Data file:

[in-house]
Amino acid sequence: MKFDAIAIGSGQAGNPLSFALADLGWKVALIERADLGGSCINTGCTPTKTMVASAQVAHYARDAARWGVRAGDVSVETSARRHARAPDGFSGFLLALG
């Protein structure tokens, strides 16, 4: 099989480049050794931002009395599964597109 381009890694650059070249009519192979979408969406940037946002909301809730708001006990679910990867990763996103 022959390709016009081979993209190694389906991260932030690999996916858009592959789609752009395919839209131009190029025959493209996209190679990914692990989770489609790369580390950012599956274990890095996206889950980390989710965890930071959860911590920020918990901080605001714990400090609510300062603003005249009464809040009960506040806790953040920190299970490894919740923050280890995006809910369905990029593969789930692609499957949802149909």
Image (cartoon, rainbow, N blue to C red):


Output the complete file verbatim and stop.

[in-house]
Amino acid sequence: MKFDAIAIGSGQAGNPLSFALADLGWKVALIERADLGGSCINTGCTPTKTMVASAQVAHYARDAARWGVRAGDVSVETSARRHARAPDGFSGFLLALG
């Protein structure tokens, strides 16, 4: 099989480049050794931002009395599964597109 381009890694650059070249009519192979979408969406940037946002909301809730708001006990679910990867990763996103 022959390709016009081979993209190694389906991260932030690999996916858009592959789609752009395919839209131009190029025959493209996209190679990914692990989770489609790369580390950012599956274990890095996206889950980390989710965890930071959860911590920020918990901080605001714990400090609510300062603003005249009464809040009960506040806790953040920190299970490894919740923050280890995006809910369905990029593969789930692609499957949802149909």
Image (cartoon, rainbow, N blue to C red):